It was about confronting my pain, looking it in the eye, getting to know it intimately. That meant a lot of writing it out, even and especially when it felt messy, ugly, or embarrassing. Initially it hurt more than anything, but slowly I discovered root causes of my problems and now I believe they have significantly less power to trip me up because I can see them coming.

You Are Not Your Mind.


This was a big one for me. Struggling with anxiety and (at one point) depression, I've battled with the notion that I was defective because I just couldn't think like other people: Why can't I just be positive? Why is this so hard for me and so simple for others? Why am I so afraid of things? What's wrong with me?

Nothing is wrong with me.

I realized that just because I have "bad" thoughts doesn't mean I'm a "bad" person.

I am not my mind or my thoughts, but rather the observer of those thoughts. I've learned the distinction between being defective and harboring a defective mindset. As the observer of my mind, I can choose new, productive thoughts, remain vigilant against unhealthy habits, and build a new experience of life. It is a slow process and I'm still working on it every damn day (can't stress that enough), but it is possible. My first step was realizing that I am not a negative person. I am simply a person who has been practicing negativity for far too long.

Hobbies Are Vital.


When all your ducks aren't in a row, it can feel trivial and even irresponsible to indulge in "free" time. We think we don't deserve to enjoy ourselves because we haven't achieved enough. Bullsh*t. Enjoying your life should be a MUST, especially when you're healing.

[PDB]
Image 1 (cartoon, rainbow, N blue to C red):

For me, that meant dancing, writing, and for the first time, exercising for enjoyment. Make sure you confront your pain but don't make your ENTIRE life about whatever's hurting you. Go dance, read, sing, whatever. Blow off some steam. Why constantly strive to build a life you won't even allow yourself to enjoy?

I Thrive In Purposeful Isolation.


I discovered that I have to get really still to hear God's signals. That meant not only clearing the clutter of my mind by free-writing stream of consciousness into my journals, but also clearing social clutter. I skipped out on social events I didn't absolutely need to attend; my phone was often on airplane mode or turned off altogether.

I did way more things solo and discovered that my time alone should be a sanctuary, not a sentence.

In spending more time on my own (in vital combination with addressing my issues, working through my pain, and taking action toward improvement), I felt more at ease with myself and less concerned with where I was in comparison to others. A few strategic hiatuses from social media now and again also don't hurt! Now, I love being alone not to hide from the world, but to reenergize in the midst of my own being.